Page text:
What is Extensive Reading?

2019-09-25


Learning to read in English is not only a vital part of learning the language, it also makes a huge contribution to writing skills, vocabulary, spelling, comprehension, fluency and general confidence.

The extensive reading approach is based on the principle that people become good readers through actually reading, where the focus is on meaning rather than language. The goal is the ‘immersive’, enjoyable experience that flows with little apparent effort and defines pleasurable reading.

For teachers, 'Extensive reading’ is an approach to helping learners to read in English. The aim is for students of English to read as widely as possible about topics that interest them. This means being able to choose an article or story themselves. It often refers to reading done outside the classroom, although it can include ‘free reading’ sessions in class time.

Because extensive reading is for pleasure, it is important that students read articles or stories that they will find easy. The Extensive Reading Foundation recommends that learners should know about 98% of the words they are reading because then they can read quickly with high levels of comprehension. The reduced frustration of having to look up words helps to develop an enjoyment of reading. This means they are motivated to read more, which means they benefit more and so on. It’s a virtuous circle.

Extensive reading contrasts with intensive reading, where the teacher chooses texts to illustrate new vocabulary or grammatical structures and often assesses students' performance in completing reading tasks. In other words, extensive reading aims to allow students more control over their own reading, both in terms of selection and how they want to deal with texts. Intensive reading has more specific, narrower objectives related to mastering specific elements of learning the language.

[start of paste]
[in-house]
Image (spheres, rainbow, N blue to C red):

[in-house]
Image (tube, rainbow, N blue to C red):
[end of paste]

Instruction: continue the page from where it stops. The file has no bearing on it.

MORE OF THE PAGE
The aim of extensive reading is to get students reading for pleasure, which is an objective not many teachers would argue with. They might have difficulty, however, prioritising it over other demands. The benefits though are very tangible and important and research has shown that they feed directly through to results, they include:

  • Develops vocabulary as students meet words and word patterns again and again in different context
  • Helps to develop a better understanding of grammatical patterns
  • Builds reading speed and enhances ability to process language automatically
  • Helps develop good reading habits and a positive attitude towards reading
  • Helps to develop writing ability and better spelling
  • Develops fluency through enabling learners to ‘practice’ what they have been taught
  • Builds confidence

Extensive reading is good for students and teachers alike, so if you're interested give it a try!